1. Allocation problem (for the interested: the idea is to create an initial solution and iteratively improve it with the help of nearest neighbor algorithm and simulated annealing): Python program developed specifically for this purpose
  2. Route optimisation problem (for the interested, the more accurate type of the problem is Time-Window Multi-Depot Vehicle Routing Problem): GAMS

Note that GAMS system creates optimization problems from your models and data, and retrieves results for analysis and processing, but it does not solve the optimization problem. Instead, it uses solvers that have been connected to GAMS and are included in the GAMS system.

It is important to recognize that other, open-source, options for solving phase 2 exist, e.g. NEOS Server or Google OR-Tools. The students chose to use GAMS system mainly because they had a licence for it (offered by the University).

How to understand the solution?

It is not trivial to understand the solution of the route optimization problem. This follows from the fact that we need to convert our demands (requirements) and wishes (objective) into the language of math; in this case into a GAMS-model. No need to go further into the process of creating it. The necessary part is to understand that the construction of the GAMS-model representing the school inspection problem has been automated in this project, and it can be done via executing one command. Likewise, the process of converting the integer solution GAMS produces into standard GIS format has been automatized. As a result, we get out a bunch of GeoJSON files. Each of these files represents a route planned for the particular school inspector to be driven during one of his work days.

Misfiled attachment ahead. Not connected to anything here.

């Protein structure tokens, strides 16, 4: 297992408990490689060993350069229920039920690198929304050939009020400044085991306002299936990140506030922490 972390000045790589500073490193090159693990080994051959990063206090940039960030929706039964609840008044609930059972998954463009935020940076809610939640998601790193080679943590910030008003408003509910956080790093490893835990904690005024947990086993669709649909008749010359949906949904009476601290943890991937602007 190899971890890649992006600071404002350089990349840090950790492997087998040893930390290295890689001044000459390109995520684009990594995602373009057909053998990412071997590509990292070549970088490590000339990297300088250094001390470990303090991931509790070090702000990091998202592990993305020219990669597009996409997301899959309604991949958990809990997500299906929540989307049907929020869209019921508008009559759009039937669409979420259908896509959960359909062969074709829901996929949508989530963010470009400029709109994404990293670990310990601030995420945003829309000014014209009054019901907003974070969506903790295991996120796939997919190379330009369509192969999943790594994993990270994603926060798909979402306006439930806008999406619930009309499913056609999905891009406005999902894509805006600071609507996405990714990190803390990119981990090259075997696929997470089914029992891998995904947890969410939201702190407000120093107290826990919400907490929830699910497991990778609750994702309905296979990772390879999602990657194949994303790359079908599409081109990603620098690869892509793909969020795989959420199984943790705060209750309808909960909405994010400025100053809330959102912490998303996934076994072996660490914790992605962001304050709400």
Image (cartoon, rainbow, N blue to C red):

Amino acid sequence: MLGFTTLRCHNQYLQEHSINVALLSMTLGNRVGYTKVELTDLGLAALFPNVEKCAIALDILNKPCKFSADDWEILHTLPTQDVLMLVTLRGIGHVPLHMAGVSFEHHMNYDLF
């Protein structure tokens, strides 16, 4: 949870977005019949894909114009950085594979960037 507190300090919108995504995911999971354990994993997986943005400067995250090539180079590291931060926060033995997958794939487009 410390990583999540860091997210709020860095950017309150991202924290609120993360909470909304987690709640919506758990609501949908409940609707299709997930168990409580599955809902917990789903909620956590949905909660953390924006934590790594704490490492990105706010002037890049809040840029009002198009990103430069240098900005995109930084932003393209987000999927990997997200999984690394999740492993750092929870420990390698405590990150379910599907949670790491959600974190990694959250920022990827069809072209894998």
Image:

The solution for the case study

Image 2: All the school inspection routes to be driven by the school inspectors in one picture.


Image 3: GIF animation visualizing the optimal inspection routes of school inspector 4 for each work day. Animation produced by Gispo Ltd.


Note that the solution power of the developed model, and the tools for solving it, does not limit to this more or less hypothetical case study of inspecting the schools in the subarea of Finland. The same kind of solution can be produced anywhere in the world as long as we have access to the real road network of the study area (e.g. via OpenStreetMap) and we know the locations of the school inspectors and schools to be inspected.

Neither does the solution power limit only for cases where the length of a work day is 8 hours or it takes an hour to inspect a school. All of these things are parametrized and they can get any value necessary. Parameterization can be easily also extended (e.g. if we cannot say that each school inspector has 100 work days to use for school inspection but rather the number of work days available depends heavily on the school inspector).

To wrap up; theoretical models and algorithms may, in some cases, be just what we need in order to solve complex, real-world geospatial problems!

See it for yourself!

All the data used and codes produced in this project (programs for graph analysis, allocation of schools, writing of GAMS model and converting integer solution of the TWMD-VRP onto GIS format), along with the obtained results, can be found in the project’s open gitlab repository.

The team:

Pauliina Mäkinen (Gispo’s representative), Olli Tuhkanen, Jenni Leinonen, Katariina Rantanen and Marko M. Mäkelä (Professor, Applied mathematics)


Gispo Oy

Gispo – a leading open source GIS house in Northern Europe – was founded at 2012 in Finland. Our GIS forges are situated in Helsinki, Turku, Joensuu and Stockholm. We solve spatial problems with open source solutions.